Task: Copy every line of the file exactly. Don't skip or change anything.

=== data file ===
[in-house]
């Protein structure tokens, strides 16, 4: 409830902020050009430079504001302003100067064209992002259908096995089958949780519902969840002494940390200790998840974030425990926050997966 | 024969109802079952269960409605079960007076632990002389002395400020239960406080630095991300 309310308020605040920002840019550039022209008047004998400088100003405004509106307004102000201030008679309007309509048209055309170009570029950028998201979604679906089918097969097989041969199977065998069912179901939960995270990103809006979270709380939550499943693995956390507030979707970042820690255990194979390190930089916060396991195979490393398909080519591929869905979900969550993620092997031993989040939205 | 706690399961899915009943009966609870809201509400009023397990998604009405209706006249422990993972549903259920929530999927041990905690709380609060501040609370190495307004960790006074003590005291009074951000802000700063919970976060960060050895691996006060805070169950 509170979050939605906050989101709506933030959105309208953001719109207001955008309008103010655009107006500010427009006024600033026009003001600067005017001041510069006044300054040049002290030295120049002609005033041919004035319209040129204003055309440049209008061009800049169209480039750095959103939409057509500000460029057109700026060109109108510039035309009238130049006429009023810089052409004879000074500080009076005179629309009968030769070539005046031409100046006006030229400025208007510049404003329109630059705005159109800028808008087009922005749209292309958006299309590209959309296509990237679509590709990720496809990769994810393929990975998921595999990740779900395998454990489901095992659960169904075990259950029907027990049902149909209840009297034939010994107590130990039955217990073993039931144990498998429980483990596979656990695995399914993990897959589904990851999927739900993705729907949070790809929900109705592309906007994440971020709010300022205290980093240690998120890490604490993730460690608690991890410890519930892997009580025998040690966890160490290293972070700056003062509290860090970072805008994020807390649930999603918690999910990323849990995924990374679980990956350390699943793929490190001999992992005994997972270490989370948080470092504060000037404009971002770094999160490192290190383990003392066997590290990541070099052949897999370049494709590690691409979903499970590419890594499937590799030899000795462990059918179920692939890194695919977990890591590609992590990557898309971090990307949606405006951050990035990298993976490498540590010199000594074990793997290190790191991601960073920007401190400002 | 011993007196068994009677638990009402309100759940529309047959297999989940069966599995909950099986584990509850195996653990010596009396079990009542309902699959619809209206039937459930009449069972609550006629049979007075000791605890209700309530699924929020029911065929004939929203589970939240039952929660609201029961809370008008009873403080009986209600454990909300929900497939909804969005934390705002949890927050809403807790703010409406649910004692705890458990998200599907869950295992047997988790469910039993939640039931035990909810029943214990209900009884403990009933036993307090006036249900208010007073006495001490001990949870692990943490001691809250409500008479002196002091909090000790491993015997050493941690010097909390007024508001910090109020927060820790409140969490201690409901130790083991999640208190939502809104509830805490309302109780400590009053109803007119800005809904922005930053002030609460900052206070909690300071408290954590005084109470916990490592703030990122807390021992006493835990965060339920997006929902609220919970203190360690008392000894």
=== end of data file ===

[in-house]
């Protein structure tokens, strides 16, 4: 409830902020050009430079504001302003100067064209992002259908096995089958949780519902969840002494940390200790998840974030425990926050997966 | 024969109802079952269960409605079960007076632990002389002395400020239960406080630095991300 309310308020605040920002840019550039022209008047004998400088100003405004509106307004102000201030008679309007309509048209055309170009570029950028998201979604679906089918097969097989041969199977065998069912179901939960995270990103809006979270709380939550499943693995956390507030979707970042820690255990194979390190930089916060396991195979490393398909080519591929869905979900969550993620092997031993989040939205 | 706690399961899915009943009966609870809201509400009023397990998604009405209706006249422990993972549903259920929530999927041990905690709380609060501040609370190495307004960790006074003590005291009074951000802000700063919970976060960060050895691996006060805070169950 509170979050939605906050989101709506933030959105309208953001719109207001955008309008103010655009107006500010427009006024600033026009003001600067005017001041510069006044300054040049002290030295120049002609005033041919004035319209040129204003055309440049209008061009800049169209480039750095959103939409057509500000460029057109700026060109109108510039035309009238130049006429009023810089052409004879000074500080009076005179629309009968030769070539005046031409100046006006030229400025208007510049404003329109630059705005159109800028808008087009922005749209292309958006299309590209959309296509990237679509590709990720496809990769994810393929990975998921595999990740779900395998454990489901095992659960169904075990259950029907027990049902149909209840009297034939010994107590130990039955217990073993039931144990498998429980483990596979656990695995399914993990897959589904990851999927739900993705729907949070790809929900109705592309906007994440971020709010300022205290980093240690998120890490604490993730460690608690991890410890519930892997009580025998040690966890160490290293972070700056003062509290860090970072805008994020807390649930999603918690999910990323849990995924990374679980990956350390699943793929490190001999992992005994997972270490989370948080470092504060000037404009971002770094999160490192290190383990003392066997590290990541070099052949897999370049494709590690691409979903499970590419890594499937590799030899000795462990059918179920692939890194695919977990890591590609992590990557898309971090990307949606405006951050990035990298993976490498540590010199000594074990793997290190790191991601960073920007401190400002 | 011993007196068994009677638990009402309100759940529309047959297999989940069966599995909950099986584990509850195996653990010596009396079990009542309902699959619809209206039937459930009449069972609550006629049979007075000791605890209700309530699924929020029911065929004939929203589970939240039952929660609201029961809370008008009873403080009986209600454990909300929900497939909804969005934390705002949890927050809403807790703010409406649910004692705890458990998200599907869950295992047997988790469910039993939640039931035990909810029943214990209900009884403990009933036993307090006036249900208010007073006495001490001990949870692990943490001691809250409500008479002196002091909090000790491993015997050493941690010097909390007024508001910090109020927060820790409140969490201690409901130790083991999640208190939502809104509830805490309302109780400590009053109803007119800005809904922005930053002030609460900052206070909690300071408290954590005084109470916990490592703030990122807390021992006493835990965060339920997006929902609220919970203190360690008392000894």